Understanding XmlDoc Classes

The Extended Markup Language (XML) describes a class of data objects called XML documents. It also partially describes the behavior of computer programs which process them. The XmlDoc class is used to create and manipulate XML data.

The Extended Markup Language (XML) is a method for putting structured data in a text file. Like HTML, XML uses tags, that is, text delimited by brackets (< and >). However, HTML specifies what each tag is, and how it's supposed to be displayed in a browser. XML uses tags only to delimit data. The interpretation of that data is entirely up to the application.

For example, <UL> in HTML specifies an unordered (bulleted) list. However, with XML, it could specify an underlined link.

Each XML document has both a physical and a logical structure:

  • Physically, the XML document is composed of units called entities. A document begins in a "root" or document entity.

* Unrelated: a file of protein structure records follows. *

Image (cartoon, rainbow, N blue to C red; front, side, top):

• Logically, the XML document is composed of declarations, elements, comments, character references, and processing instructions

The CreateXmlDoc function creates an XmlDoc object. An XmlDoc is composed of XmlNode objects. Each XmlNode represents an XML document entity. You can use PeopleCode to create the following types of entities:

  • Attribute (specified both by a name and a NamespaceURI)

  • CDATA Section

  • Comment

  • Element

  • Entity References

  • Process Instruction

  • Text